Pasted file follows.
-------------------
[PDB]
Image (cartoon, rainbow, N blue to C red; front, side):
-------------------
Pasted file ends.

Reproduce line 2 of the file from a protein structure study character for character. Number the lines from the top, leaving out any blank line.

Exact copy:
Image (cartoon, rainbow, N blue to C red; front, side):